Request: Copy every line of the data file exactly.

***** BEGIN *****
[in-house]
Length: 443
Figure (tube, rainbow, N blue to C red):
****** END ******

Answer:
[in-house]
Length: 443
Figure (tube, rainbow, N blue to C red):